Congress closes in on compromise for COVID-19 relief

The bipartisan $908 billion coronavirus-relief package, attached to a spending bill needed to avert a government shutdown, would exclude direct payments to individuals.

Kevin Lamarque/Reuters
Democratic Sen. Joe Manchin of West Virginia speaks as members of Congress unveil a framework for COVID-19 relief legislation on Capitol Hill, Dec. 1, 2020. A proposed bill is expected to include a $300 weekly boost to federal unemployment and a hold on evictions.

A proposed COVID-19 relief bill is expected to get backing from President Donald Trump and the Senate majority leader, Mitch McConnell, but it won’t include $1,200 in direct payments to most Americans, a Republican senator involved in the bipartisan talks says.

“President Trump has indicated that he would sign a $908 billion package – there’s only one $908 billion package out there and it’s ours,” Sen. Bill Cassidy of Louisiana said Sunday. “The pain of the American people is driving this, and I’m optimistic that both those leaders will come on board.”

With time running out, lawmakers from both parties were closing in on the final language that would provide roughly $300 in extra weekly federal unemployment benefits, leaving the issue of cash payments for President-elect Joe Biden and a new Congress to wrestle over next year.

The package to be released Monday would be attached to a larger year-end spending bill needed to avert a government shutdown this coming weekend.

The direct payments were popular when they were first distributed after the pandemic hit, and Mr. Biden on Friday had expressed hope that a second wave might come after weekend negotiations.

But senators involved in the talks said the checks won’t be included as part of the compromise, even as Vermont Sen. Bernie Sanders and others said that could cause them to oppose the measure.

Sen. Dick Durbin of Illinois, the second-ranking Democrat, indicated that excluding the checks while assuring small-business aid and renters’ assistance was the only way to reach agreement with Republicans who are putting firm limits on the bill’s final price tag.

“The $1,200 check, it [costs] we believe nationally $300 billion, to give you an idea,” he said. “The Democrats have always wanted a larger number, but we were told we couldn’t get anything through the Republicans, except this $900 billion level.”

The plan being worked on by a group of Republican and Democratic senators is less than half of the Democrats’ push of $2.2 trillion and nearly double the $500 billion “targeted” package proposed by Mr. McConnell.

Mr. Cassidy agreed that a new round of direct checks “may be a go” at some point. “This is not a stimulus bill, it’s a relief bill,” he said. “And it’s something for the next three to four months to help those in greatest need.”

The proposal's expected $300-per-week unemployment bonus would provide relief just as emergency aid payments at regular benefit levels are set to expire at year’s end. It would extend a freeze on evictions for people who cannot pay their rent and reauthorize the Paycheck Protection Program to give a second round of subsidies to businesses struggling through the pandemic.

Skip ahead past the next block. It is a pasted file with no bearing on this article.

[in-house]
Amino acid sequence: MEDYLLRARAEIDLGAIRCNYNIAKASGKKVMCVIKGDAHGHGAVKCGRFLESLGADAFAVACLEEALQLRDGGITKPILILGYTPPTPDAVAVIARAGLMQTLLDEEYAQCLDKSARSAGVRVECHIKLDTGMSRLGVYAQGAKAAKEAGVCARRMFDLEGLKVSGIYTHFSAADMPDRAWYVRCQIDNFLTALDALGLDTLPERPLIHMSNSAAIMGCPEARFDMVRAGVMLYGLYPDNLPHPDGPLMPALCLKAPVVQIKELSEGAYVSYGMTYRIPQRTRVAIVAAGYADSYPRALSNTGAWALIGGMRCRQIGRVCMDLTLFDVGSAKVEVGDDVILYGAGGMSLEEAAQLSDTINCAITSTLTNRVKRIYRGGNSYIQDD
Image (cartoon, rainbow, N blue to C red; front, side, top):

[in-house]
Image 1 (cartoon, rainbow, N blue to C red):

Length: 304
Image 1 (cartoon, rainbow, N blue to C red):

Still, potential sticking points remain.

Mr. Sanders and Rep. Alexandria Ocasio-Cortez, D-N.Y., said last week they wouldn’t support the $908 billion proposal if it did not include checks for families, and were joined by Sen. Josh Hawley, R-Mo. Mr. Sanders and Ms. Ocasio-Cortez are also against shielding businesses from lawsuits claiming negligence for COVID-19 outbreaks, a provision pushed by Republicans.

While favoring the $1,200 checks, Mr. Biden said the emerging compromise was “immediately needed” and that additional assistance could follow later.

On Sunday, lawmakers involved in the negotiations said the direct payments would have to wait until after Mr. Biden is inaugurated on Jan. 20. At that time, Mr. Biden will face a new Congress as vaccines are being distributed, with a narrowed Democratic majority in the House and a closely divided Senate – potentially split 50-50 if Democrats are able to prevail in two runoff elections in Georgia on Jan. 5.

Sen. Mark Warner, D-Va., said Mr. Sanders was not involved in the negotiations and “his characterization is just not accurate” about the potential liability protections for businesses. The direct payments, he said, will be a task for Mr. Biden.

Sen. Joe Manchin, D-W.Va., said the bipartisan group was focused on extending the most urgent aid for the next four months.

“Every indication says more money is needed; we see that,” he said. “This gets us through basically the lifelines that people need and the small businesses that can survive and not go under.”

Mr. Manchin said Mr. Biden’s team, when in power, “can put together a different proposal that takes us further down the road for more recovery.”

Mr. Durbin spoke on ABC’s “This Week,” Mr. Cassidy appeared on “Fox News Sunday,” Mr. Warner was on CNN’s “State of the Union,” and Mr. Manchin was interviewed on NBC’s “Meet the Press.”

This story was reported by The Associated Press.

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